One of the primary goals of training NLP models is generalization. Since testing “in the wild” is expensive and does not allow for fast iterations, the standard paradigm for evaluation is using trainvalidation-test splits to estimate the accuracy of the model, including the use of leader boards to track progress on a task (Rajpurkar et al, 2016).
  • A number of additional evaluation approaches have been proposed, such as evaluating robustness to noise (Belinkov and Bisk, 2018; Rychalska et al, 2019) or adversarial changes (Ribeiro et al, 2018; Iyyer et al, 2018), fairness (Prabhakaran et al, 2019), logical consistency (Ribeiro et al, 2019), explanations (Ribeiro et al, 2016), diagnostic datasets (Wang et al, 2019b), and interactive error analysis (Wu et al, 2019)
  • These approaches focus either on individual tasks such as Question Answering or Natural Language Inference, or on a few capabilities, and do not provide comprehensive guidance on how to evaluate models.
  • While there are clear similarities, many insights from software engineering are yet to be applied to NLP models
  • Conclusion:

    The authors applied the same process to very different tasks, and found that tests reveal interesting failures on a variety of task-relevant linguistic capabilities.
  • While some tests are task specific, the capabilities and test types are general; many can be applied across tasks, as is or with minor variation
  • This small selection of tests illustrates the benefits of systematic testing in addition to standard evaluation.
  • These tasks may be considered “solved” based on benchmark accuracy results, but the tests highlight various areas of improvement – in particular, failure to demonstrate basic skills that are de facto needs for the task at hand.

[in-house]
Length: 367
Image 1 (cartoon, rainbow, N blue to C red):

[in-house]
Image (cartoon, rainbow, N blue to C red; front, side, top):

• CheckList is open source, and available at https://github.com/marcotcr/checklist
Tables
  • Table1: A selection of tests for sentiment analysis. All examples (right) are failures of at least one model
  • Table2: A selection of tests for Quora Question Pair. All examples (right) are failures of at least one model
  • Table3: A selection of tests for Machine Comprehension
  • Table4: User Study Results: first three rows indicate number of tests created, number of test cases per test and number of capabilities tested. Users report the severity of their findings (last two rows)
Download tables as Excel
Related work
  • One approach to evaluate specific linguistic capabilities is to create challenge datasets. Belinkov and Glass (2019) note benefits of this approach, such as systematic control over data, as well as drawbacks, such as small scale and lack of resemblance to “real” data. Further, they note that the majority of challenge sets are for Natural Language Inference. We do not aim for CheckList to replace challenge or benchmark datasets, but to complement them. We believe CheckList maintains many of the benefits of challenge sets while mitigating their drawbacks: authoring examples from scratch with templates provides systematic control, while perturbation-based INV and DIR tests allow for testing behavior in unlabeled, naturally-occurring data. While many challenge sets focus on extreme or difficult cases (Naik et al, 2018), MFTs also focus on what should be easy cases given a capability, uncovering severe bugs. Finally, the user study demonstrates that CheckList can be used effectively for a variety of tasks with low effort: users created a complete test suite for sentiment analysis in a day, and MFTs for QQP in two hours, both revealing previously unknown, severe bugs.
Funding
  • Sameer was funded in part by the NSF award #IIS-1756023, and in part by the DARPA MCS program under Contract No N660011924033 with the United States Office of Naval Research